ROCHESTER, Minn. - Winter months can be hard on Minnesota's deer population.
Deep snow, frigid temperatures, and a lack of accessible food contribute to this.
Every year, the Minnesota Department of Natural Resources uses a variety of factors, called a severity index, to determine just how harsh the winter was on the white tail deer population.
The DNR says it felt the severity index was set too high, so they lowered the threshold.
Here's an overview of how it works.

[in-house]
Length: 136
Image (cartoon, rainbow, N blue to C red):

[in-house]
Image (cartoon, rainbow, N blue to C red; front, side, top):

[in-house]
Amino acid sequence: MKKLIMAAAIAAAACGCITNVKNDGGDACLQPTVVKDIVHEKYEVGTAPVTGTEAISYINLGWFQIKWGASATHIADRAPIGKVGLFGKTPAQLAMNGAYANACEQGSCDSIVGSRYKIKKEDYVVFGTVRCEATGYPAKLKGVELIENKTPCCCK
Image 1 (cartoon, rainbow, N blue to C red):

A severe winter is categorized as 120 or more points on the severity index.
A point is accumulated each day when there is more than 15 inches of snow on the ground.
Another factor taken into account is below zero temperatures.
Every day the temperature dips below zero, one point is added to the severity index.
Severe winters used to be 180 points and above.
Now the threshold is 120.
Based on what we had seen in the past, that the thresholds for severe winter were maybe set too high and that we were seeing increased mortality events, even at lower severity indexes," says Brandon Schad, the Rochester Area Wildlife Supervisor.
He says this winter has been a pretty mild winter, but he says that could always change these next few months.